Slips, Trips, and Falls: The Inside Story


According to the Centers for Disease Control and Prevention (CDC), slip, trip, and fall injuries cost the US economy over $172 billion in 2013. That cost includes the medical and lifetime work-loss costs from fall injuries. Slips, trips, and falls are a big problem in the United States and around the world. To stop these injuries, we need to better understand the problem. Fortunately for us, thousands of studies have looked at the problem with falls. Fortunately for you, you don’t have to sort through the data because I’ve done that and tried to relate it to everyday life.

The Data on Fall Injuries, Deaths

Image via Shutterstock

In the United States, there are two primary databases that capture information on fall-related injuries and deaths. One is managed by the CDC; the other is managed by the Bureau of Labor Statistics (BLS).

The CDC’s Web-Based Injury Statistics Query and Reporting System (WISQARS) is an interactive database that provides US injury data including fatal and nonfatal injury, violent death, and cost of injury data from a variety of trusted sources. The CDC compiles data related to daily living and the general population.

The BLS’s Injuries, Illnesses, and Fatalities (IIF) program provide annual information on the rate and number of work-related injuries, illnesses, and fatal injuries, and how these statistics vary by incident, industry, geography, occupation, and other characteristics. The BLS data focuses on events that occur at work or are related to work.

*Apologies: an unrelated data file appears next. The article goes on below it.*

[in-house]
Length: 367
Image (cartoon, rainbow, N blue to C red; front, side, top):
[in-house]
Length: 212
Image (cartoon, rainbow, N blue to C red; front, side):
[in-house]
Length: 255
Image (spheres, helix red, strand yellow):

Looking specifically at injuries from slips, trips, and falls, they fall into three major classifications:

  • falls on the same level (63%)

  • falls from elevation (19 %)

  • slips or trips without a fall (16%)

I was surprised by the number of injuries from slips and trips without a fall, which causes you to pull a muscle or tweak something. One of my more cynical editors suggested that the percentage of these injuries (16%) was artificially high because some workers claim a fake injury to get paid time off from the worker’s compensation insurance program. There’s no statistical evidence to support this contention. Keep in mind that this is only for work-related injuries. The CDC database doesn’t track this level of detail, so we don’t know if this same causation pattern for injuries occurs away from the workplace.

Image via The Francis Law Group

Falls vs. Fall Injuries

One of the problems with data is that we can only analyze the information captured. We don’t know how often people actually fall. The CDC and the BLS look at the number of injuries caused by falls, but neither tracks the actual number of falls that occur either at work or in everyday life. And, quite honestly, I’m not sure how we could accurately track the number of falls that occur. The information related to how often people fall is almost anecdotal.

The CDC says that one in three elderly Americans will fall each year, but the source of that information isn’t documented. There are many studies that look at falls in the elderly, but few on how often everyone else falls. I did find two studies that look at how the non-elderly fall, but their methodology and conclusions were very different.

The first study is from the National Institute on Aging, published in 2005, which had 1,497 participants ranging in age from 20 to 92. In this study, participants filled out a questionnaire designed to determine whether they had fallen during the last two years, and the circumstances and resulting injuries from those falls.